He already has a great feel for the zone and recognizes spin well, boasting a chase rate below 20% and numbers that have steadily improved against secondary stuff as he has compiled at-bats. With an average exit velocity of 87 MPH and 90th percentile exit velocity of 102 MPH, Salas is already tapping into slightly above average power and has room for plenty more.

His feel to hit is extraordinary for his age and well above average in general. Both his 76% contact rate and 85% in-zone contact rate are strong figures that have improved as he has progressed through his first pro season.

Given where Salas is already at, it’s easy to imagine him developing into a plus hitter. Already flashing solid impact, Salas should grow into above average power as well. His offensive upside is immense.


It’s hard to remember a more advanced teenage catching prospect when it comes to receiving than Salas, reeling in the ball smoothly with elite hands. He moves well behind the dish, making strides as a blocker in his first pro season.

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The Padres brass has already raved about the maturity of Salas and the way he handles bullpens, which should translate into strong game calling. Already with a well above average arm, Salas should grow into a plus thrower who has the goods to be a plus defensive catcher as he hammers down the fundamentals.


Potentially elite on both sides of the ball with the makeup to reinforce the ability, Salas not only has All-Star upside, but he should be able to climb through the minors quickly as a high-probability big leaguer. His upside is one of the best catchers in baseball at the highest level, but even for as advanced as he is for a 17-year-old, he of course has some ways to go. Given his age, present tools/production, projection and makeup, Salas has a strong case as the best catching prospect in the sport.

3. Robby Snelling – LHP – (Double-A)

Height/Weight: 6’3″, 210 | Bat/Throw: R/L | 1st Round (39), 2022 (SDP) | ETA: 2025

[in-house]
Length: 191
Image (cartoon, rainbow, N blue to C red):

A top linebacker recruit in high school, Snelling is one of the most athletic pitchers you’ll find. His advanced pitchability and developing stuff have him rising quickly and earned him Just Baseball’s Minor League Pitcher of the Year honors.

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A good feel for three pitches, Snelling features a fastball, curveball and changeup that can all be above average. Starting with his fastball, Snelling sits 92-94 MPH, touching 96 MPH. The pitch features a decent amount of carry, averaging around 18 inches of induced vertical break.

Snelling’s slurvy breaking ball flashes plus, with two-plane break. He has a great feel for the pitch, landing it for a strike around 65% with the ability to manipulate it. As a result, Snelling is comfortable weaponizing it against both left-handed hitters and right-handed hitters if his changeup isn’t there.

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The changeup sits 85-87 MPH with decent fade. It’s inconsistent for Snelling at this point, but flashes above average and induces a good amount of weak contact. If he can find a more consistent feel for his change, it could give him a third above average offering.


An advanced prep arm, Snelling hit the ground running by dominating Low-A and High-A competition. His athleticism helps him repeat his delivery consistently, already boasting above average command with the potential for plus.

There’s already good shape to his fastball, but if Snelling sees an uptick in velocity, it could easily enter plus territory. His great feel for a good breaking ball and developing changeup have him looking like a high probability big league starter with the upside of a borderline No. 2 or No. 3.

4. Dylan Lesko – RHP – (High-A)

Height/Weight: 6’2″, 195 | Bat/Throw: R/R | 1st Round (15), 2022 (SDP) | ETA: 2026


An electric right-hander who “fell” to 15th overall in 2022 due to Tommy John surgery in his senior year of high school, Lesko returned to action in the second half of last season, reminding many why he was the top prep arm in his class.